Competition within and across universities is so common that it may not seem like a big deal. Professors compete for tenure. Students compete to get into a best universities. And universities compete for rankings.

But where does this competition come from and what effects is it having on higher education systems?

My guest today is Prof. Rajani Naidoo, professor in higher education management at the University of Bath. She recently edited a special issue of the British Journal of the Sociology of Education looking at what she calls the “competition fetish” in higher education. The special issue, which comes out later this year, brings together articles that show the varieties of competition and the various ways actors channel, reproduce, internalize and secure competition logics. Some of the articles address the consequences of competition.

Prof. Naidoo presented some of the ideas discussed here in her Worldviews lecture. 

Citation: Naidoo, Rajani, interview with Will Brehm, FreshEd, 20, podcast audio, July 21, 2016. https://www.freshedpodcast.com/rajaninaidoo/

Transcript Translation, and Resources:

Read more

The internationalization of education is a topic that receives plenty of buzz these days. Many students easily move across boarders to learn outside of their home country. Branch campuses by Western universities are popping up around the world. And Education businesses operate globally, selling educational materials and services to any school will to purchase them.

But can the phenomenon of international education exist within sites where there these practices don’t clearly exists?

My guest today is Phan Le Ha. She is a Professor in the College of Education, University of Hawai’i. Professor Phan has a forthcoming book entitled Transnational Education Crossing ‘the West’ and ‘Asia’: Adjusted Desire, Transformative Mediocrity, and Neo-colonial Disguise. Today Professor Phan and I discuss parts of this book, particularly related the the dominance of the English language in many Asia countries.

Professor Phan is currently developing a new interest in engaging with the arts, the media and the digital world to produce multimodal multidisciplinary scholarship and to push research and knowledge production into new directions. Her youtube channel can be found here.

Yesterday, the globalization and education special interest group hosted a keynote address at the comparative and international education society’s annual conference, which was held this year in Vancouver. I’m going to play the audio of the hour long keynote address, which was given by André Mazawi. Professor Mazawi works in the department of educational studies at the University of British Columbia. His talk is entitled “The location of globalization: on building dwelling thinking higher education.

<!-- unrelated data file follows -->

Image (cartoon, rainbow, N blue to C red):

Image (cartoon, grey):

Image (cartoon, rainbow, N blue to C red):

Consider this opening paragraph to an article in University World News early this year:

Many Asian countries have been setting ambitious goals to expand and improve their higher education sectors to respond to their growing aspirational middle class and as a result are on the way to catching up with and even overtaking the best higher education systems of the West.

Indeed, the Institute of International Education’s latest report on global education research entitled “Asia: The next higher education superpower?” finds that the total number of universities and tertiary graduates in Asia outnumber those in North America and Europe.

From the viewpoint of many Western policymakers and media elite, the rise of Asia in terms of education is understood both as an opportunity and source of anxiety. On the one hand, countries such as Australia view the rise of Asia as an opportunity to expand trade, increase student mobility, and grow research collaborations. On the other hand, as Asia becomes a dominate global education player, some Western governments — and universities — fear they will loose out to their Asian counterparts.

How do we understand these mixed feelings?